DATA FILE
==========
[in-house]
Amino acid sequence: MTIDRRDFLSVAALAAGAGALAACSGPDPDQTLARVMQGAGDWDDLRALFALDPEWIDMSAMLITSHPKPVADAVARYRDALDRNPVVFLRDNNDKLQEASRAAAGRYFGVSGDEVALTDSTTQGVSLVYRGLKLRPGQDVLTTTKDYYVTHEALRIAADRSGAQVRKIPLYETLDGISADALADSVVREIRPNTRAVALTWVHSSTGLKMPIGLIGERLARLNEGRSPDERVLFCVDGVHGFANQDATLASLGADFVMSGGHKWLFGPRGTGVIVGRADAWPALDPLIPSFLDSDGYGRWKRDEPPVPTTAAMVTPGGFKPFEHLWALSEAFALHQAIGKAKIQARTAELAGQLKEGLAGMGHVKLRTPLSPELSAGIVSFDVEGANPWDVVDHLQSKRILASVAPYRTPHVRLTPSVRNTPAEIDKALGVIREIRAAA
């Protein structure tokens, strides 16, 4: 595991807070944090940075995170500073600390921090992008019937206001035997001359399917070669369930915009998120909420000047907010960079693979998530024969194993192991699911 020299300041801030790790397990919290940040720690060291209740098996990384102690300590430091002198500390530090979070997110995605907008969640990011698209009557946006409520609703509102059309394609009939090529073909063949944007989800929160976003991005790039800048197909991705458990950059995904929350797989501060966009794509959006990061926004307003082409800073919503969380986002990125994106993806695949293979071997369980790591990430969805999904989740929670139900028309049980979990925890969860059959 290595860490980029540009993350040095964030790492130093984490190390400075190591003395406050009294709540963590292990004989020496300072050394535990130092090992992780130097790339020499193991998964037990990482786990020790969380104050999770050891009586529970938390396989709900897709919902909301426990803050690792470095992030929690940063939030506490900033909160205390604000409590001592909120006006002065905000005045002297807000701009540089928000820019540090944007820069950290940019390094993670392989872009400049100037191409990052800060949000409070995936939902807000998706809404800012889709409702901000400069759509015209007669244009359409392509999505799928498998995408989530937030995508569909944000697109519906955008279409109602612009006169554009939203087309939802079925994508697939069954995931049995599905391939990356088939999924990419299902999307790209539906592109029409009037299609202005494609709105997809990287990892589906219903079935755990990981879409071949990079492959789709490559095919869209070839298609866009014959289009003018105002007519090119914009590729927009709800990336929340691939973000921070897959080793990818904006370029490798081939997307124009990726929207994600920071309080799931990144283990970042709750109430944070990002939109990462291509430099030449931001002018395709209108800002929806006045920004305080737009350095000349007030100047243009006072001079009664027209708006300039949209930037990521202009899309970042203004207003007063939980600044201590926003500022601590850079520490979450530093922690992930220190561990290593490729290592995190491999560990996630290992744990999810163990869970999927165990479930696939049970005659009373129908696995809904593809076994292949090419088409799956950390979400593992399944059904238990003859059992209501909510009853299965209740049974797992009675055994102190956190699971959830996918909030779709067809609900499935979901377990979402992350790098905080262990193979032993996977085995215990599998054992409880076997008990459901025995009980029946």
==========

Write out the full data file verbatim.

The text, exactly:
[in-house]
Amino acid sequence: MTIDRRDFLSVAALAAGAGALAACSGPDPDQTLARVMQGAGDWDDLRALFALDPEWIDMSAMLITSHPKPVADAVARYRDALDRNPVVFLRDNNDKLQEASRAAAGRYFGVSGDEVALTDSTTQGVSLVYRGLKLRPGQDVLTTTKDYYVTHEALRIAADRSGAQVRKIPLYETLDGISADALADSVVREIRPNTRAVALTWVHSSTGLKMPIGLIGERLARLNEGRSPDERVLFCVDGVHGFANQDATLASLGADFVMSGGHKWLFGPRGTGVIVGRADAWPALDPLIPSFLDSDGYGRWKRDEPPVPTTAAMVTPGGFKPFEHLWALSEAFALHQAIGKAKIQARTAELAGQLKEGLAGMGHVKLRTPLSPELSAGIVSFDVEGANPWDVVDHLQSKRILASVAPYRTPHVRLTPSVRNTPAEIDKALGVIREIRAAA
């Protein structure tokens, strides 16, 4: 595991807070944090940075995170500073600390921090992008019937206001035997001359399917070669369930915009998120909420000047907010960079693979998530024969194993192991699911 020299300041801030790790397990919290940040720690060291209740098996990384102690300590430091002198500390530090979070997110995605907008969640990011698209009557946006409520609703509102059309394609009939090529073909063949944007989800929160976003991005790039800048197909991705458990950059995904929350797989501060966009794509959006990061926004307003082409800073919503969380986002990125994106993806695949293979071997369980790591990430969805999904989740929670139900028309049980979990925890969860059959 290595860490980029540009993350040095964030790492130093984490190390400075190591003395406050009294709540963590292990004989020496300072050394535990130092090992992780130097790339020499193991998964037990990482786990020790969380104050999770050891009586529970938390396989709900897709919902909301426990803050690792470095992030929690940063939030506490900033909160205390604000409590001592909120006006002065905000005045002297807000701009540089928000820019540090944007820069950290940019390094993670392989872009400049100037191409990052800060949000409070995936939902807000998706809404800012889709409702901000400069759509015209007669244009359409392509999505799928498998995408989530937030995508569909944000697109519906955008279409109602612009006169554009939203087309939802079925994508697939069954995931049995599905391939990356088939999924990419299902999307790209539906592109029409009037299609202005494609709105997809990287990892589906219903079935755990990981879409071949990079492959789709490559095919869209070839298609866009014959289009003018105002007519090119914009590729927009709800990336929340691939973000921070897959080793990818904006370029490798081939997307124009990726929207994600920071309080799931990144283990970042709750109430944070990002939109990462291509430099030449931001002018395709209108800002929806006045920004305080737009350095000349007030100047243009006072001079009664027209708006300039949209930037990521202009899309970042203004207003007063939980600044201590926003500022601590850079520490979450530093922690992930220190561990290593490729290592995190491999560990996630290992744990999810163990869970999927165990479930696939049970005659009373129908696995809904593809076994292949090419088409799956950390979400593992399944059904238990003859059992209501909510009853299965209740049974797992009675055994102190956190699971959830996918909030779709067809609900499935979901377990979402992350790098905080262990193979032993996977085995215990599998054992409880076997008990459901025995009980029946």